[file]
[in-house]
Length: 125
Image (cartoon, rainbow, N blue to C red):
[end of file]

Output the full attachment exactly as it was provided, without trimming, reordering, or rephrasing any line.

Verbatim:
[in-house]
Length: 125
Image (cartoon, rainbow, N blue to C red):